- Degraded craters – Craters that have become eroded due to weathering, lava flows, impacting, or downslope movement of material.
How are large craters different than small ones?
Small craters often are simple bowl-shaped depressions. The structure of large craters is more complex because they collapse, forming terraces, central peaks, central pits, or multiple rings. Very large impact craters greater than 300 kilometers (185 miles) across are called impact basins.
What influences the size and shape of a crater?
The size and shape of the crater and the amount of material excavated depends on factors such as the velocity and mass of the impacting body and the geology of the surface. The faster the incoming impactor, the larger the crater. Typically, materials from space hit Earth at about 20 kilometers (slightly more than 12 miles) per second. Such a high-speed impact produces a crater that is approximately 20 times larger in diameter than the impacting object. Smaller planets have less gravitational "pull" than large planets; impactors will strike at lower speeds. The greater the mass of the impactor, the greater the size of crater.
Craters most often are circular. More elongate craters can be produced if an impactor strikes the surface at a very low angle — less than 20 degrees.
How can craters be used to determine the age of a planet or moon?
Scientists record the size and number of impact craters — and how eroded they are — to determine the ages and histories of different planetary surfaces. Early in the formation of our solar system (before 3.9 billion years ago) there was lots of large debris striking the surfaces of the young planets and moons; these older impact basins are larger than the more recent craters. As a rule of thumb, older surfaces have been exposed to impacting bodies (meteoroids, asteroids, and comets) for a longer period of time than younger surfaces. Therefore, older surfaces have more impact craters. Mercury and the Moon are covered with impact craters; their surfaces are very old. Venus has fewer craters; its surface has been covered recently (in the last 500 million years!) by lava flows that obscured the older craters. Much of Earth's surface is recycled through plate tectonic activity (and erosion), so Earth also has few craters.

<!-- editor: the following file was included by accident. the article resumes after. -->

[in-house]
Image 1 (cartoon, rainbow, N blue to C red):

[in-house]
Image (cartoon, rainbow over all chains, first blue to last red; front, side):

Why does the Moon have so many craters while Earth has so few?
On Earth, impact craters are harder to recognize because of weathering and erosion of its surface. The Moon lacks water, an atmosphere, and tectonic activity, three forces that erode Earth's surface and erase all but the most recent impacts. Approximately 80% of Earth's surface is less than 200 million years old, while over 99% of the Moon's surface is more than 3 billion years old. Essentially, the Moon's surface has not been modified since early in its history, so most of its craters are still visible.
What are some of Earth's famous impact craters?
How many objects from space impact Earth each year?
Earth and the other planets are constantly bombarded by tiny debris from space, much of which burns up in the atmosphere. Meteors — incorrectly called shooting stars — are the streaks of light created as particles of dust and ice vaporize in our atmosphere. Sometimes lots of particles strike at one time, creating meteor showers. Some of this tiny debris makes it to Earth's surface and is mixed with soil and ocean sediment.